Monday Morning Mercy / Issue 18 / AUG 17

After years of crippling depression, alcoholism and broken family relationships, Damien spent his first night on the streets of Phoenix. He had been unsuccessful in finding steady work after losing his job. He was ashamed of being unable to support his wife and child. His extended family had closed their doors on him. He didn’t want to continue his drinking habit, but it was the only way to escape all of his troubles, if only for a little while, until the buzz wore off. He was trapped with his thoughts and depression. He needed a clean slate, but had nowhere to turn. “The first night almost felt like a fresh start,” Damien said. “But soon, very soon, the reality sank in. The world was not a friendly place, and it didn’t care about you.”

His first weeks on the streets were a blur. Date and time melted together as he struggled to just meet his basic needs every day. Eventually Damien found Central Arizona Shelter Services and St. Vincent de Paul’s dining room down the street.

“Every day, there was a line, like a mile long, of people who were hungry. I was one of them,” Damien said. At the dining room, Damien learned about St. Vincent de Paul’s main campus, which provides showers, clothing, food and counseling. “Being on out there on the streets, I had on the same clothes, day in and day out. I wanted to be presentable to people who knew me, because I didn’t want anyone to know I was homeless,” Damien said. “It wasn’t until I visited the main campus for showers, clothes and a clean shave, did I start feeling better.”

Damien remembers meeting with staff and volunteers who gave him guidance and encouragement. “I may not remember their names, but I’ll never forget their faces and the kind things they said to me,” he said. The encouragement and support Damien received through St. Vincent de Paul helped him survive the streets and gave him a start to working out of homelessness.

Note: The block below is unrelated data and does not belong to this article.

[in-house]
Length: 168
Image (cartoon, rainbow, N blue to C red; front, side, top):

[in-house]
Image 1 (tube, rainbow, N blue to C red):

“Once I was cleaned up and presentable, people weren’t afraid of me anymore,” he said.

Damien went through rehab to kick his drinking and found help for his depression through a metal health services provider. He received Social Security benefits, housing and case management. His life was stabilized and he had a roof over his head, but he was unsatisfied.

“It didn’t suit me, because I wasn’t doing anything with my life,” Damien said. “I needed to work. Someone at the clinic told me I was smart,” he added. “And I believed him.”

From there, he took classes at South Mountain Community College and enrolled in recovery programs. He gained a sense of self-worth. He met a peer-support specialist whose journey was similar to his own. “His story was almost identical to mine,” Damien said. “I realized that if he could succeed, I could too.”

Damien did succeed. He is an employment coach at an organization that helps people recover from crises situations and get back on their feet. He has since remarried and reconciled with his child. During meetings with his clients, he often remembers his experience on the streets and the refuge he found in the compassion of St. Vincent de Paul staff and volunteers. He draws on his experiences and shares his story with clients to help them develop their own paths to success.

“When you are really struggling, you look for someone who is kind,” Damien said. “When your own family doesn’t have sympathy for you, it makes you feel worse. The stranger is the one who is kind. I’ll never forget that at St. Vincent de Paul.”

Stories like this don’t happen without the support of people like you. You really do have the power to Feed. Clothe. House. Heal. our neighbors in need. Contribute to the cause by donating, volunteering, or learning more. 

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